The immensity of Saturn

By Phil Plait | January 6, 2012 7:00 am

Carolyn Porco, the leader of the Cassini spacecraft imaging team, tweeted about this picture last night, and it’s simply overwhelming:

This is a stunning portrait of Saturn taken by the Cassini spacecraft in December. Its beauty and fantastic — in the literal sense of being like a fantasy — cloudscape are so overwhelming you might not even notice the moon Tethys hanging just under the knife-edged rings. To give you an idea of how immense Saturn is, "tiny" Tethys is over a thousand kilometers across.

This picture was taken using an infrared filter, where details in the clouds come out. That, plus the shadow of the rings on the southern hemisphere, make this one of my favorite pictures of Saturn I’ve seen in quite some time.

CATEGORIZED UNDER: Astronomy, Cool stuff, Pretty pictures
MORE ABOUT: Cassini, Saturn, Tethys

Comments (17)

Links to this Post

  1. In the shadows of the giant « Lone Immortal | January 6, 2012
  2. The Immensity of Saturn | Suburban Men | January 8, 2012
  1. Gary

    This image has the feel of some of the imaginative space art that accompanied science fiction stories in the 1950s … without the silly alien monsters, of course.

  2. Tethys is over a thousand kilometrs across, AND it’s 294,660 kilometers CLOSER!

  3. What an amazing image! With Tethys also in shot it gives some idea of just how huge Saturn really is.

  4. Dr_cy_coe

    Question: Is the picture stretched (horizontally) or are we seeing the effects of gravity & rotation when comparing the equatorial and polar radii of Saturn? I think it’s the latter, but then .. Wow..

  5. John Matthews
  6. That’s no moon . . .

  7. How about APOD from the day before yesterday?
    http://apod.nasa.gov/apod/ap120105.html
    Now that’s why we need NASA & Carolyn Porco!

  8. But for me the coolest part of your image, Phil, is where at the far left the pencil-thin ring reappears after going off the edge of the image and then promptly goes behind the limb of Saturn.

    All told, however, Saturn just can’t take a bad picture.

  9. Messier Tidy Upper

    That, plus the shadow of the rings on the southern hemisphere, make this one of my favorite pictures of Saturn I’ve seen in quite some time.

    Mine too. Superluminous image. Just jaw-droppingly marvellous. :-)

    The sense of wonder and splendour this photo evokes is just stunning. :-)

    Thankyou Carolyn Porco, thankyou Cassini team & thankyou BA. :-)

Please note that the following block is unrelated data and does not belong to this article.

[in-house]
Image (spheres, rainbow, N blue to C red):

10. vin rando

    how many kilometers across is earth ?

  11. Jeff

    GEEPERS CREEPERS, GEEWIZ, ETC. RIGHT?

    when I was a grad student in 1980 at UW-Madison, a professor excitedly brought into our class some crude voyager pictures of Jupiter or Saturn. Boy, we’ve come a long way, this new one is just unbelievable in resolution.

  12. Chris A.

    @vin rando (#12)
    “how many kilometers across is earth ?”

    12,756 at the equator. A wee bit less from pole to pole. So, roughly 1/9th the diameter of Saturn (not including the rings).

  13. Nigel Depledge

    Jeff (13) said:

    when I was a grad student in 1980 at UW-Madison, a professor excitedly brought into our class some crude voyager pictures of Jupiter or Saturn. Boy, we’ve come a long way, this new one is just unbelievable in resolution.

    Heh. I had a similar experience in about 1990. I was in the students’ Astronomical Society at Uni, and I recall the excitement when our slide pack of Voyager 2′s encounter with Neptune turned up.

  14. Dan Henderson

    The fact that, on the left edge of the picture, you can see the back side of the rings disappearing behind Saturn, separated slightly from the part of the rings on the near side, means the rings are not quite exactly horizontal with the camera, which is a good thing. If they were exactly horizontal, they might easily disappear from view (except for the shadows, of course). I’ve been told they’re only about 5 meters (15 feet) thick.

  15. chris

    I’m still thinking about this picture two months later. Does anyone know if there is a bigger version than that at CICLOPS (1020px on a side)? I’d gladly pay for a nice print of it.

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